North American mastodons and mammoths, new study


This video from the USA is about mastodons and mammoths.

From LiveScience:

Mammoths and Mastodons of the Ohio Valley Were Homebodies

By Laura Geggel, Staff Writer | July 28, 2014 01:55pm ET

People may imagine mammoths and mastodons as enormous beasts that roamed the vast North American continent more than 10,000 years ago. But the mammoths and mastodons of present-day southwestern Ohio and northwestern Kentucky were homebodies that tended to stay in one area, a new study finds.

The enamel on the animals’ molars gave researchers clues as to where the mammoths and mastodons lived throughout their lives and what they ate. They discovered that mammoths ate grasses and sedges, whereas mastodons preferred leaves from trees or shrubs. Mammoths favored areas near retreating ice sheets, where grasses were plentiful, and mastodons fed near forested spaces, the researchers said.

“I suspect that this was a pretty nice place to live, relatively speaking,” lead researcher Brooke Crowley, an assistant professor of geology and anthropology at the University of Cincinnati, said in a statement. “Our data suggest that animals probably had what they needed to survive here year-round.” [Image Gallery: Stunning Mammoth Unearthed]

Both animals, now extinct, likely came to North America across the Bering Strait land bridge that connected Alaska to Russia when sea levels were lower than they are today, Crowley told Live Science in an email.

Mammoths — which had teeth ideal for grinding grasses, as well as curved tusks and humped heads — are more closely related to elephants than mastodons are, Crowley said. Mammoths came to North America during the mid-Pleistocene Epoch, about 1 million years ago, she added.

Mastodons arrived much earlier. They had spread across America by the Pliocene Epoch, around 5 million years ago. Their molars were shaped to crush plants, such as leaves and woody stems, and they had long, straight tusks that could grow up to 16 feet (4.9 meters) long, Crowley said.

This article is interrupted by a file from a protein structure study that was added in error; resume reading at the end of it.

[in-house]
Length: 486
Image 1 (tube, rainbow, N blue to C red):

In the study, the researchers looked at the remnants of carbon, oxygen and strontium, a naturally occurring metal, in the enamel of molars from eight mammoths and four mastodons that lived in Ohio and Kentucky about 20,000 years ago.

The carbon analysis helped researchers learn about the animals’ diet, whereas the traces of oxygen told them about the general climate at the time. Strontium provides insights into how much the animal traveled as their molars developed. Researchers can look at the type of strontium within the enamel and determine where it came from by comparing it to local samples of strontium in the environment.

“Strontium reflects the bedrock geology of a location,” Crowley said. This means that if a local animal has traces of strontium in its tooth, researchers can deduce where that type of strontium came from in the area. “If an animal grows its tooth in one place and then moves elsewhere, the strontium in its tooth is going to reflect where it came from, not where it died,” she said.

Surprisingly, the researchers said, the strontium in the mammoth and mastodon teeth matched local water samples in 11 of the 12 mammals. Only one mastodon appeared to have traveled from another area before settling in the Ohio Valley.

The findings, however, only apply to the animals that lived in that region. “A mammoth in Florida did not behave the same as one in New York, Wyoming, California, Mexico or Ohio,” Crowley said.

The study was published July 16 in the journal Boreas.

Bahamas, built by bacteria from Saharan dust?


This video says about itself:

Wildlife of Exuma Island, Bahamas – Lonely Planet travel video

Visitors to sparsely populated Exuma, a remote island in the Bahamas, can expect a close encounter with sharks and iguanas.

From New Scientist:

Bahamian paradise built by bacteria using Saharan dust

13:40 28 July 2014 by Flora Graham

The Bahamas may have been created by bacteria thriving on minerals in dust from the Sahara desert, 8000 kilometres away.

In this NASA satellite image from 2009, it is possible to see how the many islands of the Bahamas are actually the highest points of distinct areas where the sea is shallow and turquoise.

These turquoise waters mark the top of the Bahama Banks – underwater columns of coral reef limestone more than 4500 metres tall that have formed over the past 100 million years. It was thought that tiny plants and animals generate the vast amounts of carbonate that make up the towers, similar to how coral reefs are formed. But the surrounding sea is poor in nutrients, so what would have sustained them is a mystery.

Now researchers including Peter Swart from the University of Miami’s Rosenstiel School of Marine and Atmospheric Science in Florida are showing that photosynthetic cyanobacteria may actually have done much of the construction.

Cyanobacteria are involved in the precipitation of calcium carbonate in the sea, but they would have needed an enormous amount of iron to do their work. This could have been provided by the dust that blows across the Atlantic from the Sahara.